by Qian Leung
@ 30 Jun 2017
With its Forbidden-Palace-like iron-clasped entrance, discrete rosewood partitions, ornate silk embroidery, Cherry Garden, located in the cool recesses of Mandarin Oriental Singapore is a sext, hushed cocoon where time almost seems to stand still.
When you wrap your lips around a morsel of dim sum Chef Cheung Yat Sing’s creations, however, the taste evokes memories. The drunken concubine chicken dumpling was a dish Chef Cheung had created nine years ago while the hua diao (Chinese rice wine) scented xiao long bao (pork dumpling) was created twelve years ago. Both dishes, in dedication to his wife who gave him two children. The drunken chicken is a confinement food which serves to ward off cold but seeing how Singaporeans love the dish, he decided to turn it into a dim sum. “This dish is also dedicated to all mothers,” Chef Cheung shared.
The hotel also has a lot of foreign guests and to satisfy their need for the familiar, Chef Cheung decided to take two unintimidating ingredients – potato and cheese – to create a morsel of deep-fried,crispy dim sum out of it. He named it “baby honeybee” because the shape (round with a pinched top) resembles one. In a bid to incorporate some vegetables into the diet, he took spinach along with some fried garli and salted egg yolk and turned it into a delectable dish of “sunset salted egg yolk dumpling”. The translucent chewy skin is tinted magenta so that it is an alluring sight.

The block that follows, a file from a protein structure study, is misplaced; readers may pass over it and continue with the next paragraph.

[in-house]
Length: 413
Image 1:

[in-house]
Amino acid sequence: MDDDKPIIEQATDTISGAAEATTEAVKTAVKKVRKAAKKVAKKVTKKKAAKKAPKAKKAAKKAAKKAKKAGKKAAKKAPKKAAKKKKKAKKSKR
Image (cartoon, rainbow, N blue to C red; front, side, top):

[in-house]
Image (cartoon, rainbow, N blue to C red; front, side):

The crabapple dumpling, named for its resemblance to the ruby-red, sour miniature fruit is in fact a mix of crunchy water chestnuts, shrimp and crabmeat, puckered up in a wonton skin. “Instead of going where others have gone, I prefer a trail-blaze,” Chef Cheung told us.
His originality is evident in his creations; his love for his family and his craft. Perhaps as you sample his offerings, something will awake inside of you too. QL